[0009] The floor surface can then be subjected to additional cleaning, finishing, sanding or polishing. In preferred embodiments, the surface of the floorboards is cleaned with mineral spirits so that dirt, grime, impurities and surface adhesive spots are removed. The surface of the floor can also be cleaned, e.g. with steel wool, and/or mineral spirits, and treated with washes such as a bleach, water bleed, alcohol bleed, chemically bonding colors and finishes.

[0010] After the adhesive has dried, the floor surface can be treated with a sealer, and/or with a color solution called a color bleed. After sealer and/or bleed coatings have dried, the floor surface can be sanded, and/or treated chemically, one or more times, as, for example, with wood bleach and chemically bonding colors and finishes as desired.

[0011] This invention also relates to floors comprising a concrete floor surface with solid plank hardwood floorboards adhesively attached to the concrete floor surface with no wood layer between these boards and the concrete floor surface. The board and concrete floor surfaces are those described above in this specification.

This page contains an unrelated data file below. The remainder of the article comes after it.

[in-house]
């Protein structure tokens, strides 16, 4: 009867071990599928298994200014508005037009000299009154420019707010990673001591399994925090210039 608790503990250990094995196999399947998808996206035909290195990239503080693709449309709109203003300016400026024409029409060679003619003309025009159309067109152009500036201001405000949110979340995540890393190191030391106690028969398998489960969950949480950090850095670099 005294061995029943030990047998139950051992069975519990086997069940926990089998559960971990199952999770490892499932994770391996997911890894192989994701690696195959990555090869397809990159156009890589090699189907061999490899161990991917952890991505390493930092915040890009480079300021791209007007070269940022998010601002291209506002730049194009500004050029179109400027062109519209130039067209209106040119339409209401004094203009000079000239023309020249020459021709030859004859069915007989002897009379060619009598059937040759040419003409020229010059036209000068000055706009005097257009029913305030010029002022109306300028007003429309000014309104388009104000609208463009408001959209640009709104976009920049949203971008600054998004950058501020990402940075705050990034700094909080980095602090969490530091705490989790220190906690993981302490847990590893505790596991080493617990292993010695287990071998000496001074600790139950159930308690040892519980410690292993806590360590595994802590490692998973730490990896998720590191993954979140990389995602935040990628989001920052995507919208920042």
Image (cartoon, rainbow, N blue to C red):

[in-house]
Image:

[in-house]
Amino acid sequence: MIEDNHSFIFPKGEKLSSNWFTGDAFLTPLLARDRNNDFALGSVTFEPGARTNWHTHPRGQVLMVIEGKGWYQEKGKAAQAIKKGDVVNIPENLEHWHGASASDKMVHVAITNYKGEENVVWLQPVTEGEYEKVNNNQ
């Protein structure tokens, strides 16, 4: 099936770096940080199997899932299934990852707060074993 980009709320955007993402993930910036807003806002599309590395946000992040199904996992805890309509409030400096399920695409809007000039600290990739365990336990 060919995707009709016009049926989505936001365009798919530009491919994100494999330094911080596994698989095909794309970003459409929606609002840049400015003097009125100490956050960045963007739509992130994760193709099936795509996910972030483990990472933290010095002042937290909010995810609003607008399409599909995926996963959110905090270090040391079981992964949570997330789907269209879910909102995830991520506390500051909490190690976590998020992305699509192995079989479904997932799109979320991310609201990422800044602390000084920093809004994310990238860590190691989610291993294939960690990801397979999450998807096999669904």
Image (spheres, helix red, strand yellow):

[0012] The methods and products of this invention will provide several advantages. First, because the solid floor board planks are prepared for application to a concrete floor surface away from the installation site, the time required and the costs incurred to install the floor board planks at the installation site is reduced and the time of installation is smaller than the time required where the wood is placed at the site in raw condition, and then finished/treated at this site. Second, the elimination of subflooring, and the cost of installing subflooring, also provide substantial cost savings.

BRIEF DESCRIPTION OF THE DRAWINGS

[0013] This invention can better be understood by reference to the drawing in which:

[0014] FIG. 1 is a perspective view of a floor embodiment of this invention; and

[0015] FIG. 2 is a side elevation view of the floor embodiment of FIG. 1.

DETAILED DESCRIPTION OF THE DRAWINGS

[0016] FIGS. 1 and 2 show floor 10 made in accordance with the methods of this invention. Floor 10 includes concrete slab 1 with solid plank hardwood floorboards 2, 3, 4, 5 and others adhesively attached thereto by adhesive layer 12. Planks 2, 3, 4 and 5 include cutouts and other relief features 14 and 15 on their bottom surfaces. On their top surfaces, wormholes/nail holes/scratches 6, 7, 8 and 9 form sites to receive and hide nails or other fasteners. These nails pass through floorboards 2, 3, 4 and 5, through adhesive layer 12 and into concrete slab 1. All planks include tongues 11 and grooves 40 to interfit the planks side by side. The planks include beveled edges 13 that form grooves 16, 17, 18, 19, 20 and 21 between the planks.

[0017] FIG. 2 shows nails 22, 23 and 24 hidden in randomly-formed wormholes/scratches 25, 26 and 27. These nails 22, 23 and 24 pass through planks 6, 7, 8 and 9, through adhesive layer 12 and into concrete slab 1.